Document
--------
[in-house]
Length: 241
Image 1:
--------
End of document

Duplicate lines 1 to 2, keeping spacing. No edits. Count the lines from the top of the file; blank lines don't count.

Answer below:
[in-house]
Length: 241